Sally explained that she sees these coding problems frequently in manuscripts submitted to the journal Nursing Inquiry, of which she is the editor-in-chief. She describes under-theorized qualitative manuscripts that foreground codes as if they are analytic results in and of themselves. “I have 14 codes and 2 categories is not a finding,” quipped Sally to gales of nervous laughter. (Come on, we’ve all done this!)  Writing results involves not only summarizing the analysis, but also creating a rich narrative that can be applied in practice.

Oh. And hell no,  don’t even bring up saturation with Sally! She calls this concept a relic of the early days when qualitative researchers had to measure up to their quantitative colleagues. It’s “absolutely antithetical to applied health disciplines” because after all, “we would never trust a health professional who told us there was no more information to be found” on a topic.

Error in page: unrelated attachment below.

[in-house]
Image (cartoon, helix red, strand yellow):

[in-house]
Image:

I’ll let Sally’s last slide speak for itself. Needless to say, she’s amazing. Thanks for reading. I hope this was helpful. If you’re interested in this topic and you’d like to know more, please consider following Sally on Twitter as well as the IIQM. 


Dear Lorelei,

Nearly 5 years ago, Stella Ng and I decided to organize the process of nominating you for the Schulich School of Medicine & Dentistry’s Distinguished Leader award. We brought the idea to Mark Goldszmidt and he was quick to get the ball rolling, whatever we needed he would make it happen.

As it goes with these types of awards, it was a layered process and we knew it would be a big job. Many letters of endorsement would need to be written, documents signed, etc. We were, of course, glad– but unsurprised–that everyone we approached enthusiastically agreed to write a letter. In fact, it came to a point where we had too many offers and needed a backup list. Physicians, research scientists, and even a former Dean wrote on your behalf.